Inside Thai caviar’s quiet rise to the food scene

While caviar was once primarily associated with cold northern nations, Thai caviar is on the rise, especially in Bangkok’s foodie scene.

At his upscale Bangkok restaurant, star chef Thitid “Ton” Tassanakajohn pours black caviar onto a plate, adding the newly affordable Thai delicacy to his reinterpreted traditional family recipes.

Luxury cuisine is bursting onto the Southeast Asian country’s food scene, with the 37-year-old celebrity chef able to economically serve eggs thanks to an innovative farm outside the capital.

Using high-tech harvesting methods, a Thai-Russian partnership offers a more ethical and affordable product, sparing the endangered fish that provide the delicacy from their usual fate of death.

“The price is… more affordable, I would say, compared to the ones we imported, Ton explained, as he sprinkled caviar on a Thai “Lhon Pu” dip at his restaurant Lahnyai Nusara.

The use of caviar also helps challenge perceptions that Thai cuisine should always be spicy with strong flavors, he added.

“I think it opened a lot of doors for a lot of chefs to use it as well,” he said.

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Inside Thai caviar’s rise on the Thai food scene

Chef Thitid “Ton” Tassanakajohn prepares a Thai Sturgeon Farm caviar dish at Lahnyai Nusara restaurant in Bangkok. (Photo by Lillian Suwanrumpha/AFP)

Harvesting “black gold” at Thai Sturgeon Farm

About 200 kilometers away, in the famous resort town of Hua Hin, it’s time to harvest the ‘black gold’ at Thai Sturgeon Farm, which supplies local distributor Caviar House.

Hundreds of giant fish swim in tanks kept at a balmy 21 degrees Celsius (70 Fahrenheit) – a world away from the cold Caspian Sea where the species live in the wild.

“No one else has this kind of farm in a tropical climate,” farm co-owner Alexey Tyutin told AFP.

The fish – considered living dinosaurs – can survive for up to 100 years and are typically up to four meters long.

Traditionally, caviar producers kill the females to extract the eggs, but the Tyutin farm “processes” the sturgeon.

Using fish for as long as possible helps make the business sustainable and profitable, the 55-year-old said.

At harvest, the fish are moved to the “winter chamber”, initially set at six degrees Celsius and increased to 15, before their eggs are extracted.

“Let’s say if the fish weighs 25 kilograms, we usually expect around 2.6 to 2.7 kilograms of caviar,” Tyutin said, adding that the farm estimates it could produce up to two tonnes this year.

Farming sturgeons in a simulated environment requires large amounts of energy – despite using solar panels, the monthly electricity bill is around THB 300,000.

“We cool the water because the water temperature outside is 31 degrees. These fish cannot tolerate it and they will die immediately,” Tyutin said.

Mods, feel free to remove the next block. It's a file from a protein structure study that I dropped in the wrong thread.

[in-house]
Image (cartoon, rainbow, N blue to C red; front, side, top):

But Thailand’s tropical climate has given the company a competitive edge as the higher water temperature helps sturgeons mature at six years compared to 11 in Russia.

Thai caviar fine cuisine bangkok
Image credit: Ivan Samkov/Pexels

Thai caviar as a source of Thai pride

While Caviar House only sells domestically at the moment – ​​with a box of treats selling for between around THB 7,750 and THB 28,000 – they hope to expand into exports in the future.

Recent European Union sanctions against Moscow following the invasion of Ukraine have targeted caviar, but the restrictions are largely symbolic as Russia is only a small exporter.

Instead, competition comes from China, which has become the market giant, producing 84% of the world’s sturgeon, according to a European Commission report.

The industry has suffered during the pandemic with high-end restaurants, airlines and cruise ships battered by travel restrictions, although some fine-dining establishments have adapted by cutting portions and incorporating them into dishes to eat. carry.

But the international caviar market is expected to register a compound annual growth rate of 7% between 2020 and 2025, according to a 2021 report by Technavio Research.

France, Germany, China, Spain, the United States, Japan and Russia are important markets, but demand is growing rapidly in other parts of the Asia-Pacific region.

Well-heeled Thai foodies and chefs recognize the benefits of caviar, which is rich in vitamins, minerals and omega-3 fatty acids.

“It only took a few days for Thai chefs to start ordering after we sent them samples to try,” farm co-owner Noppadon Khamsai, 43, told AFP.

“They say it’s a good product and it’s important that it’s made in Thailand, and they’re really proud to introduce this Thai product.”

This article is published via AFP Relaxnews.

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